It's a threat because now U.S. is not providing any of that technology to China. China is not yet independent of it. But eventually, if there is a conflict on Taiwan and we destroy, say, those factories or Chinese destroy them, or there is a blockade, then that shock coming from semiconductors is going to be bigger than any shock we've seen, even the seventies. I think everybody agree because there is a chip in everything under the sun.
The U.S. is not saying now let's move those factories to friendly nations is putting pressure on someday. Sorry, Samsung in Korea and on TSMC that is the big producer in Taiwan is saying we want you to build your factories in the United States in spite of the fact that we don't even have the ecosystem of supply chains and so on to produce these chips because the design has been in the US.
But the production has been all mostly in Asia. So if we are going to be serious about building those factories in the United States is a major cost increase. The cost of production take another example, 5G we don't want the 5G of why way because we believe rightly is a backdoor to the Chinese government. But the 5G of Cisco, Nokia or Ericsson costs 30% more than the one of Wang Wei and it's 20% less productive.
So to build the same 5G network in the West is going to cost us 50% more. So when you move from offshoring to fracturing and from free trade to secure trade, you may gain some national security, but you do it at a significant economic cost. And if I could add one final point today, 5G, essentially, I want to say helps us with our say cellphones and so on.
Tomorrow, 5G is going to be not only the system together with big data, Iot and AI, it's going to make sure that millions of autonomous vehicles can move around without hitting each other. So that's also become national security. But tomorrow, every piece of even basic consumer electronic, your chip toaster from China, your coffee machine, your microwave, even a copper, a mug is going to have a 5G chip just to see how the system one moves around the global supply chains. And two, because it will have in the Internet of Things, smart devices, billions of them, so you can use them and so on. So once you don't have 5G for your phone, even your toast, there can be a listening device for the Chinese.
So once you start that, this way of decoupling on the technology, every piece of goods and services going to a 5G and therefore they're not going to import anymore even the Chinese toasters. So that's a really radical degree of decoupling. And these are going to have significant economic costs. Even if we're going to do more trade with our allies, yes, they'll do more to liberalize.
There is a complete reversal of that process of globalization that occurred for the last few decades since World War Two. You know it very well as an economic startup that got rounds at WTO and all the rest. It's a reversal. And is that a radical reversal? What do you think about the wisdom of what the Biden administration did this month in terms of banning advanced semiconductor design exports to China and encouraging our allies not to export advanced semiconductor equipment to China? Doesn't this just ratchet up pressures, tensions between us and them and encourage them to greatly accelerate their own capacity to do those things. Are damned if you do and damned if you don't. If you don't block them, they're going to use this technology and they're going to use them both from a security military point of view.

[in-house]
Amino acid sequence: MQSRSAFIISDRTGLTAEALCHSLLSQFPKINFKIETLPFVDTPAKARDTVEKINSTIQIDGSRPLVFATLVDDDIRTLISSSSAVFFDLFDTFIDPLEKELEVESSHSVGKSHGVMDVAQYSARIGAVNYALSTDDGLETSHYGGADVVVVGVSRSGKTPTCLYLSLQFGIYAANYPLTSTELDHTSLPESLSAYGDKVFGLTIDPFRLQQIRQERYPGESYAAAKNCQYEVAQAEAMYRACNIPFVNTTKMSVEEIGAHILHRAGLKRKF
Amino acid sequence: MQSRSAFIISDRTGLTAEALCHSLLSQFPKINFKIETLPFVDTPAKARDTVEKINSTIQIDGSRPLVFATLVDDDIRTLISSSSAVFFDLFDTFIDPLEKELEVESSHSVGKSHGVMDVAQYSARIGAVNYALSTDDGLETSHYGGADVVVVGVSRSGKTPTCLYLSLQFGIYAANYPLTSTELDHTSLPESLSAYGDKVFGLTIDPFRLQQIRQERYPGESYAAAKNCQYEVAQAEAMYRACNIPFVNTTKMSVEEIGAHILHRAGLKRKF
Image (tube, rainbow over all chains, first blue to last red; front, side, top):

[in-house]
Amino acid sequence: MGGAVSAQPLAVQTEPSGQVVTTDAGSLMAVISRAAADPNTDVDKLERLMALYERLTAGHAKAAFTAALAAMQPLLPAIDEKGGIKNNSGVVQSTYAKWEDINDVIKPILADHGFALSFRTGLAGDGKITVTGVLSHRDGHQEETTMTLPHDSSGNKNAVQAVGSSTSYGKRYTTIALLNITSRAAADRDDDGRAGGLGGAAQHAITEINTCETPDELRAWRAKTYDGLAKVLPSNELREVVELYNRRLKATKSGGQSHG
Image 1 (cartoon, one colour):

But more importantly, there's a competition between us and China on who is going to be dominating the industries of the future. And all of those indiscriminately are some combination of AI and machine learning, Iot sensors, collecting the big data, and then 5G and finally putting it all together to provide all sorts of goods and services. I mean, the fact that just last year or this past year on one side, Eric Schmidt, the former CEO of Google, and on the other side, Eric Kissinger was the greatest geopolitical strategist of our time, the one who did the open to China, wrote a book together saying We are at risk of losing the AI machine learning robots and automation race with China in the past, it doesn't matter.
Technology develop by somebody, maybe give you more benefit to the innovators, but spills over to everybody. But in the case of AI, there is a sense that there is a bit of a zero sum game. Who is going to control AI machine robotic and automation is going to control not only the economic levers of power, but also the political, the geopolitical, the military and the security. So it's first time in which a technology innovation looks like a zero sum game as opposed to a positive sum game and elements to it.
So if we don't want China to be as an authoritarian regime with state capitalism to dominate the world, probably we have to do those restrictions. Yes, China is already beside, regardless of what we do, that they have to become independent in semiconductors. That's why they're not going to hit Taiwan until are independent. Same thing with the like to avoid that.